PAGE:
Now, researchers at the University of Leicester have developed a new class of drug that has been shown to restore memory loss, slow progression and increase the lifespan of mice with a similar degenerative disease. The team hopes that the finding could lead to new treatment options for Alzheimer's in humans.
The study used allosteric ligands, a type of drug that activates a protein in the brain called the M1 muscarinic receptor, which is believed to be associated with Alzheimer's. Activating this protein has been shown to improve the cognition of mice afflicted with progressive brain degeneration, and other drugs have tested the technique in the past.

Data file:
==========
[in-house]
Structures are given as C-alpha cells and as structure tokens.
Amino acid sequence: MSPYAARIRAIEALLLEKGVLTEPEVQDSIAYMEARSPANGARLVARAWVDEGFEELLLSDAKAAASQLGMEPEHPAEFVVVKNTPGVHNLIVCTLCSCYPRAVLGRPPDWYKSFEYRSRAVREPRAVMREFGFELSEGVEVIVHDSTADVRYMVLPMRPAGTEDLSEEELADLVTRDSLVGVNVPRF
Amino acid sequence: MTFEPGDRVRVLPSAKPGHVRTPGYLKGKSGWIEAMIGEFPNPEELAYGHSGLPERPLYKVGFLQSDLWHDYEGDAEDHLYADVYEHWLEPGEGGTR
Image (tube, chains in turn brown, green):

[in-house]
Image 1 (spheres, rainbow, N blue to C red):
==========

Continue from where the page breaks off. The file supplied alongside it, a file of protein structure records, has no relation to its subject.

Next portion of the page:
The problem is, although activating the M1 muscarinic receptor showed promise in aiding brain function, the patients taking those drugs suffered severe side effects. But in this study, the team's allosteric ligands managed to keep the positive results in mice with none of the unwanted side effects. Even better, a daily dose appears to stave off an early grave.